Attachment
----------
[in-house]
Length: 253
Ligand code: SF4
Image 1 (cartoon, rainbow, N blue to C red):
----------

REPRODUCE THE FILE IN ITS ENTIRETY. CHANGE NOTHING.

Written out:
[in-house]
Length: 253
Ligand code: SF4
Image 1 (cartoon, rainbow, N blue to C red):